Nectarine Gooseberry Cobbler

1 small cobbler made in 6 inch cast iron skillet – serves 2

First let me say many will not have gooseberry jam, you can use anything you want or omit jam and use just fruit mixed with a little sugar.  I happened to have gooseberry jam in the fridge but any jam would be good, cherry I think would be delicious.

2-3 nectarines, cleaned and sliced

1/3 cup gooseberry or your favorite jam (if using just fruit add 2-3 tbs sugar)

Heat oven to 400 degrees. Place a sheet of foil or parchment on baking sheet. Mix the fruit and jam or sugar and put into the skillet,  press the cobbler crust on top, sprinkle with a little sugar and bake until browned and bubbly approximately 30 minutes. Serve with a scoop of vanilla ice cream, whipped cream, heavy cream poured on or a spoonful of lightly sweetened creme fraiche.

 

 

 

 

Homemade Pasta

I grew up eating homemade pasta, my Mom made it all the time, she did it all by hand the rolling, cutting etc… no recipe she dumped flour on a work surface added eggs in a well she made in the middle of the flour and that was it. I remember seeing her knead the dough, roll it out and it was a lot of work but homemade pasta has always been one my favorite things to eat and a cherished childhood memory.

I take advantage of modern appliances and use my food processor to make the dough and have a pasta machine which really makes quick work of it all. One of my favorite ways to enjoy this pasta is simply with fresh tomatoes, basil, olive oil and garlic. For this dish I wanted to use some leftover very soft tomatoes and a friend gave me some tiny grape tomatoes and some basil from her garden. I planted 8 tomato plants this year and 2 basil plants, I was so optimistic about the tomatoes and had some beautiful  fruit on the plants, unfortunately I only got 1 tomato the squirrels got the rest and my basil died, both plants. I am lucky that the farmers market has beautiful heirloom tomatoes so like every year I will rely on my trips to the market for my tomato fix.

the almost ripe tomato that the squirrels decimated

Homemade Pasta

Serves 4-6 depending on serving size

2 1/2 cups flour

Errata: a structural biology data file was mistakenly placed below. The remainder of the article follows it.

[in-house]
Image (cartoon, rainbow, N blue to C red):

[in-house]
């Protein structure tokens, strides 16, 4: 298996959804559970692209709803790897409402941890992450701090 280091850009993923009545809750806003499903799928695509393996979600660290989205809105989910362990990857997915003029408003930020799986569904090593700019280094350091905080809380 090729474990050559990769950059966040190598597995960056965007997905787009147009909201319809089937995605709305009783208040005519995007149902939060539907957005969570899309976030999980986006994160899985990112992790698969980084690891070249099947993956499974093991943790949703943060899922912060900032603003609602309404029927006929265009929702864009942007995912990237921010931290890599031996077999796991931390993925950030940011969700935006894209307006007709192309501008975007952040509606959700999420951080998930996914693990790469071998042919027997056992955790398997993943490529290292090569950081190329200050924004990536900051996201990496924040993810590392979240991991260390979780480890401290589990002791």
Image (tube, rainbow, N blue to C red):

4 eggs

2-4 tbs water (start with 2 add more if needed)

2 tbs olive oil

I used my food processor it’s so easy, put all the ingredients in the bowl of your processor and pulse until it becomes a cohesive dough. Take the dough out and knead until it’s smooth and elastic, cover with a kitchen towel and let rest for at least an hour.

Homemade pasta

After resting, cut the dough into 4 pieces. Keep dough you are not working on covered with a tea towel. Use your pasta machine according to manufacturers directions. I start on 1 and work my way up, folding and re rolling as I go. I decided on fettuccine for this dish. After cutting the pasta place on baking sheet and toss with flour so it doesn’t stick together. Cover with towel while making each portion. Note: Pasta freezes beautifully so you can freeze whatever you don’t want to cook.

The pasta dish is so simple to make. I roasted tomatoes drizzled with olive oil and seasoned with salt and pepper in a 375 degree oven for about 20 minutes. Put a large pot of water on to boil, add about 1 tbs of salt, the water should be like sea water. In a skillet or sauté pan add some olive oil add some sliced garlic and sauté until the garlic is lightly browned and soft, add the roasted tomatoes. When water boils add the pasta, fresh pasta only takes a few minutes to cook. Using a strainer or pasta fork add it directly to the pan with tomatoes and garlic. Toss and cook for about 2 minutes. Add some fresh cherry tomatoes and some torn basil, grate some cheese, parmigiana or Romano or both, and enjoy!

Pies And Tarts: Blackberry Peach Pie And A Tomato Tart

In the summer it’s hard to find balance. I love to cook but it’s so hot out it kind of knocks the wind out of my sails but I was inspired to get in the kitchen after reading Teagan newest serial Thistledown.  I love the story and Teagan is so brilliant, her readers are part of the the story we were given faery names and oh well you’ll just have to read it, it’s wonderful!!! My characters faery name is Peaches Dragonfly and you might have guessed it yes, Peaches is a cook.